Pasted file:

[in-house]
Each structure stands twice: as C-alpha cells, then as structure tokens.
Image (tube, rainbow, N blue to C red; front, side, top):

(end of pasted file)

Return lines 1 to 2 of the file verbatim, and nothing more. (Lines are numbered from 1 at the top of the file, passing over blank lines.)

[in-house]
Each structure stands twice: as C-alpha cells, then as structure tokens.